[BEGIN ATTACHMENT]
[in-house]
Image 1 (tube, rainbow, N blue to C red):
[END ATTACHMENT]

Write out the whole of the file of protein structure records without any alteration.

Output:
[in-house]
Image 1 (tube, rainbow, N blue to C red):